If you have Multiple Sclerosis (MS), there is a good chance that at some point you will experience fatigue or problems with your balance when walking.
For people with living with MS, specialised equipment and technology can make an enormous impact on an individuals’ positive mindset as well as making an improvement to their mobility and day-to-day functioning.
The right device for you will depend on the exact nature of your symptoms, your lifestyle, and your personal preferences. To make sure you are making the best possible choice, it is useful to see your GP or an Occupational Therapist who will be able to assist you with the best advice for your diagnosis.
What is Multiple Sclerosis?
According to MS Australia, Multiple sclerosis (MS) is a condition of the central nervous system, interfering with nerve impulses within the brain, spinal cord and optic nerves.
MS affects over 25,000 in Australia and more than two million diagnosed worldwide. Most people with MS are diagnosed between the ages of 20-40, but it does not discriminate and can affect younger and older people too. Roughly three times as many women have MS as men.
What is considered Assistive Technology in the NDIS?
The NDIS uses the definition of Assistive Technology (AT), as defined by the World Health Organisation: ‘any device or system that allows individuals to perform tasks they would otherwise be unable to do or increases the ease and safety with which tasks can be performed’.
Things to consider before purchasing an assistive device:
- Potential changes in the person’s ability and individual requirements and the capacity of the technology to be modified or adapted as their needs change.
- How the proposed item or device will be paid for and what funding sources are available to the person at that time. The cheapest or simplest aid is not always the most cost-effective or the safest option over time.
- Potential devices need to be researched before they are purchased to ensure it’s the best fit for the individual and their circumstances.
Benefits of assistive technology aides
The right supportive equipment and aides can assist people who have difficulty performing day-to-day activities to continue to function and actively participate in life.
Equipment and assistive devices can:
- Encourages independence, safety, social inclusion as well as improving quality of life
- Help you regain or maintain a sense of control over your life
- Assist you to continue living in your own home as well as staying safer outside of the home
- And giving you more confidence
Examples of assistive equipment & technology to help people living with MS
There is a wide range of assistive equipment and devices to assist those with MS to live more comfortably and independently.
- Adaptive equipment for your home including shower chairs, grab bars and threshold ramps
- Walking aides such as a walker, crutches or walking stick, motorised scooters and wheelchairs
- Kitchen aids and cooking tools such as electric jar and can openers
- Vision and reading tools such as larger monitors, screen-reader programs, and prisms for your prescription glasses to eliminate double vision
- Workplace equipment such as adjustable chairs and forearm supports, ergonomic mouse and large-key keyboards.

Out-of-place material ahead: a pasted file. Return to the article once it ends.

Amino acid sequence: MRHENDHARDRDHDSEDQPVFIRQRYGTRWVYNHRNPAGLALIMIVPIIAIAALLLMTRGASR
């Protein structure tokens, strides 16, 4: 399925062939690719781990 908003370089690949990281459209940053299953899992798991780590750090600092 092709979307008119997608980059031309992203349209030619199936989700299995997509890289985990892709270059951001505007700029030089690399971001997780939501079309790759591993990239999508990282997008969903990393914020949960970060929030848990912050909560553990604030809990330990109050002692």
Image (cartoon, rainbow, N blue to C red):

- Safety Technology for the home included security cameras and personal alarms
Assisted Technology like a Personal Alarm System
A fully monitored personal alarm service offers the human touch that many assisted technologies fail to give. Many people are socially isolated and lonely. They cannot always rely on busy family members to respond when they need help, or they live too far away.
By using wearable technology like a personal safety alarm with 24/7 monitoring, a user can alert a response centre which is guaranteed to respond to a call for help anytime of the day and night. Wearers can communicate via the alarm unit to the response centre so they can find out what type of help is required and get the appropriate help – FAST!
A 24/7 alarm response service combined with personal alarm technology provides a high level of peace of mind and confidence for MS patients and others who suffer from various disabilities or health concerns.
MePACS Personal Alarms for people with Multiple Sclerosis
MePACS Personal Alarms has over 43,000 clients across Australia. We are part of a public health provider which means all our profits go back in the healthcare system.
At MePACS, we have a range of personal alarms and accessories to support and suit everyone’s needs, whether they are at home, in the garden or out and about. MePACS Personal Alarms provides the security and independence that with just a single press of one button, clients are connected within 2-minutes to trained emergency response operators, anytime of the day or night. Our team of professionals respond to the individual via the alarm and identify what help required then call the most relevant contact or 000.
MePACS is an approved NDIS provider
There is a wide range of assistive equipment and devices to assist those with MS to live more comfortably, independently as well as improving their quality of life. It is important to do your research before choosing the best assisted device for you or your loved one.
*This information does not intend to replace advice from a qualified health professional. Speak to your GP first about any health concerns.
If you already have an NDIS care plan in place or looking to use your NDIS funding to purchase a personal alarm, visit the link below;